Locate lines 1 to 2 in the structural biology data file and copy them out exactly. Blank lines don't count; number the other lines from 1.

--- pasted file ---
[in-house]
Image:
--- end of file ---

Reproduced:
[in-house]
Image: